What Dolly Parton Really Wants To Happen After Her Death

The ever-iconic Dolly Parton was inducted into the Rock & Roll Hall of Fame after much hesitation on her part. The induction motivated her to realize a dream of hers and release a rock-and-roll album. The album is titled "Rockstar" and will be released on November 17, 2023. At a press conference for the "Rockstar" album, Parton was asked about a contentious topic — if artificial intelligence (AI) technology would be utilized to create a hologram version of herself for performances, similar to what ABBA has done.

"I think I've left a great body of work behind ... " Parton said in response (via Daily Express YouTube). She hoped that her albums and work will be her legacy and, in regards to new technologies like AI holograms, Parton added, " ... I'll have to decide on how much of that high-tech stuff I want to be involved in because I don't want to leave my soul here on this Earth. I think with some of that stuff I feel like I'll be grounded here forever, so when I'm gone, I want to fly with it, you know. But I'll be around, we'll find ways to keep me here ... "

Unlike Parton, other musical artists may want to follow in ABBA's footsteps

Someone who Dolly Parton wanted as a rock and roll music partner but will not be featured on "Rockstar" — Mick Jagger — has also weighed in on the thought of AI holograms in musical performances. Jagger admitted that " ... I haven't really honestly thought about it," when asked about holograms for the Rolling Stones while being interviewed on Apple Music Hits. However, despite not having seen their show at the time of the interview, he called ABBA's holograms a "technology breakthrough" and expressed potential interest in the medium. He added, " ... who knows what technology lies in store down the road? We're already in an AI world of doing this stuff, and you can do a lot of musical stuff with not very complicated computerization, as well" (via MusicRadar).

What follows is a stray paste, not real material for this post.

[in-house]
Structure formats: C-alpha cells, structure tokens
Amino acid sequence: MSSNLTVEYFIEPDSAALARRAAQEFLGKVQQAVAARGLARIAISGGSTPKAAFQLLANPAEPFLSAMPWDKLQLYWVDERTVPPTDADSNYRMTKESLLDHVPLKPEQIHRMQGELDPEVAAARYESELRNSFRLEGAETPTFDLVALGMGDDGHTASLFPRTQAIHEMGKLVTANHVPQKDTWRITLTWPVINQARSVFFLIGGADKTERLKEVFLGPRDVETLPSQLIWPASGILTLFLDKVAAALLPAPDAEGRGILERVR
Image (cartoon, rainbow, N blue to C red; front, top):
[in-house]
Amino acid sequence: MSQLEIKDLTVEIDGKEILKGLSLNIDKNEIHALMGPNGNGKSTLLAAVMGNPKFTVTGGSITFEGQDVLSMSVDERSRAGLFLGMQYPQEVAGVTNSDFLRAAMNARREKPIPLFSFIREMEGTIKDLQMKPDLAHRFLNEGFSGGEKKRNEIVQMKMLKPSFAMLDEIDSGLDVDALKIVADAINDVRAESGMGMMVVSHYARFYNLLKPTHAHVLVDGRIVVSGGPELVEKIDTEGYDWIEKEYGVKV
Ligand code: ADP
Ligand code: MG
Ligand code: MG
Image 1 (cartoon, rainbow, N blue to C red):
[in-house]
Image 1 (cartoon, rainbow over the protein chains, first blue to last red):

Perhaps the Rolling Stones will one day use AI holograms of their own. Until then, American Songwriter has used ChatGPT to dream up lyrics for a Rolling Stones and Wu-Tang Clan collaboration. However, there are some valid copyright concerns about easily accessible AI programs for non-superstars to play around with.

Real artists' voices can be stolen by AI technology

A major music company feels the same as Dolly Parton — hesitant about new AI technologies for music making. Copyright concerns come into play when people use programs to create AI-generated songs with another singer's voice and then release them on streaming services. The viral song "Heart on My Sleeve" used AI versions of Drake and The Weeknd's voices and caused quite a stir in the music industry before being pulled from streaming services.

Following that song's release, the music company Universal Music Group (UMG) shared a statement to the Financial Times speaking out against the AI company Boomy for supposedly using bots to up their streaming numbers. UMG also implored streaming services to keep AI programs from training with their music on the streamers: "We have a moral and commercial responsibility to our artists to work to prevent the unauthorized use of their music and to stop platforms from ingesting content that violates the rights of artists and other creators. ... " (via Esquire).

The Senior VP of Communications at UMG, James Murtagh-Hopkins, called AI programs using UMG's music to train " ... both a breach of our agreements and a violation of copyright law ... " (via The Verge). To try and navigate these new technologies, the U.S. Copyright Office has set new guidelines regarding AI works.